What do you call it when a school district doesn’t remove a book from the library?  No, no.  That would be banning.  Instead they relocate it to a special shelf behind the librarian’s desk.  Only children who bring in a special permission slip will be allowed to check out and read this title.

And what book has garnered this attention?  None other than Patricia Polacco’s In Our Mothers’ House.  Note the punctuation in the title and you’ll figure out what the problem is.  In case you need a little more help, here is the description my library has posted for the book:

“Marmee, Meema, and the kids are just like any other family on the block. In their beautiful house, they cook dinner together, they laugh together, and they dance together. But some of the other families don’t accept them. They say they are different. How can a family have two moms and no dad? But Marmee and Meema’s house is full of love. And they teach their children that different doesn’t mean wrong. And no matter how many moms or dads they have, they are everything a family is meant to be. Here is a true Polacco story of a family, living by their own rules, and the strength they gain by the love they feel.”

What a pity that someone saw this book and refused to accept it.

This banning came about after a student in Utah’s Davis School District checked the book out from her school library.  The mother of the kindergarten student complained and the book was moved from the K-2 section to the 3rd to 6th grade section.  This wasn’t good enough and the mother along with 24 others each filled out reconsideration of library materials forms.

No objections were made to the content of the book.  Instead, they claimed that it wasn’t age appropriate.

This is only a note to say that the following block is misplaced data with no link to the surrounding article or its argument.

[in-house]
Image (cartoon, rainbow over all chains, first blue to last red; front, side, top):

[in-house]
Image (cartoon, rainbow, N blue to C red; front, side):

Polacco was inspired to write this book by a Texas girl who wanted to read an essay about her family and same-sex parents but was told by a teacher that she couldn’t because she wasn’t from a real family.

Here is what the SLJ had to say about the book when they reviewed it:

“The story serves as a model of inclusiveness for children who have same-sex parents, as well as for children who may have questions about a “different” family in their neighborhood. A lovely book that can help youngsters better understand their world.”

Why not check this book out today?  Or better yet, go buy a copy.

Thank you to Patricia Polacco for taking on the narrow minded.



A slick take on e-publishing

I have to admit it — I am one of the many people who has an issue with e-books.  Yes, there are many of us.  Those of you charging around with your Nooks and your Kindles may be in denial, but we are here.

It isn’t that we are all techno-phobic.  I’m working on a computer.  I have a wireless keyboard and soon will be able to work on the TV in the living room as well as a screen in the basement (where the treadmill is).  I love technology.

But I don’t love e-books as a whole.  I’ve sampled a good number of them and except for the ones put out by traditional publishers, I usually find them wanting.  As loathe was we are to admit it, if a publisher won’t take a manuscript, there is often a very good reason.

Fortunately, there is an e-book publisher out there who wants to turn this image around.  Argo Navis is an e-publishing service “designed for professional authors acting as publishers, who control the e-book rights to their reverted or not-in-print works.”

But not just any author can be included on the Argo Navis lists because author’s cannot sign up their own works.  This has to be done by their agents.

Doesn’t seem fair?

I’m okay with it and, I have to say, I would definitely consider an Argo Navis e-book.  Their policy may seem exclusionary, but when that means that I don’t have to sift through the dreak that couldn’t make it out of the slushpile, I’m cool with that.

Special thanks to Lee Wind who brought this service to my attention via the SCBWI blog.